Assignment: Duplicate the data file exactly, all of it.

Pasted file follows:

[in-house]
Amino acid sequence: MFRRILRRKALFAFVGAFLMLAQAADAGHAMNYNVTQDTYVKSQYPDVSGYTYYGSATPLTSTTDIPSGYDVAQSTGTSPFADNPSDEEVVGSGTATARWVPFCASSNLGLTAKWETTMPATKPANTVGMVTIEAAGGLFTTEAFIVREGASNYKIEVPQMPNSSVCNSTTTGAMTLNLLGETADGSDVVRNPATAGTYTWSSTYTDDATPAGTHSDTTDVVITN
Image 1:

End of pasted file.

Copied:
[in-house]
Amino acid sequence: MFRRILRRKALFAFVGAFLMLAQAADAGHAMNYNVTQDTYVKSQYPDVSGYTYYGSATPLTSTTDIPSGYDVAQSTGTSPFADNPSDEEVVGSGTATARWVPFCASSNLGLTAKWETTMPATKPANTVGMVTIEAAGGLFTTEAFIVREGASNYKIEVPQMPNSSVCNSTTTGAMTLNLLGETADGSDVVRNPATAGTYTWSSTYTDDATPAGTHSDTTDVVITN
Image 1: